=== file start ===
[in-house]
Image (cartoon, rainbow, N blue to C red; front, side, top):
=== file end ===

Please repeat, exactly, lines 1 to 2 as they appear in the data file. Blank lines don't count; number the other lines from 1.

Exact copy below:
[in-house]
Image (cartoon, rainbow, N blue to C red; front, side, top):